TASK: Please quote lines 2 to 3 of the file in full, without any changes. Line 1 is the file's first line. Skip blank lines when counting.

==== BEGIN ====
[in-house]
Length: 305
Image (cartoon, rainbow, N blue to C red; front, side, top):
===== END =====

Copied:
Length: 305
Image (cartoon, rainbow, N blue to C red; front, side, top):